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Poly(lactobionamidoethyl methacrylate)-based amphiphiles with ultrasound-labile components in manufacture of drug delivery nanoparticulates for augmented cytotoxic efficacy to hepatocellular carcinoma

Author:
Wang, Jingyun, Xia, Ying, Liu, Huiying, Xia, Jing, Qian, Ming, Zhang, Liuwei, Chen, Lili, Chen, Qixian
Source:
Journal of colloid and interface science 2019 v.551 pp. 1-9
ISSN:
0021-9797
Subject:
cytotoxicity, doxorubicin, drug delivery systems, drug therapy, hepatoma, hydrophilicity, hydrophobicity, manufacturing, receptors, surfactants, ultrasonic treatment
Abstract:
Ultrasound-responsive chemistry was exploited in manufacture of drug delivery nanoparticulates for pursuit of on-demand ultrasound-stimulated drug release function. In principle, the ultrasound-labile oxyl-alkylhydroxylamine (-oa-) linkage was tailored between the segments of amphiphiles. Consequently, the hydrophobic chemotherapeutic doxorubicin could be readily assembled with the hydrophobic segments of amphiphiles into interior compartments, whereas the hydrophilic segments represented as the external surroundings. Upon ultrasonication, the proposed phase-segregated self-assemblies were determined to be subjected to evident structural rearrangement as a consequence of -oa- cleavage. Simultaneously, the release rate of doxorubicin payloads appeared to accelerate due to the ultrasound-induced structural destabilization, consequently eliciting potent cytotoxic efficacy at the affected cells. Another noteworthy characteristic of the proposed self-assemblies was poly (lactobionamidoethyl methacrylate) (pLAMA) as the hydrophilic components of the amphiphiles, characterized to possess galactosylated residues. In view of the specific affinity of galactosylated residues (and lactosylated residues) to asialoglycoprotein receptors (overexpressed on the surface of intractable hepatocellular carcinoma), the proposed self-assemblies were determined to impart preferential affinities to hepatocellular carcinoma. Together with the strategic ultrasound-stimulated drug release property, our proposed drug delivery system demonstrated appreciably pharmaceutical efficacy on hepatocellular carcinoma.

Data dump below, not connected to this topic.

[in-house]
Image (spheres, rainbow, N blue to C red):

Agid:
6428707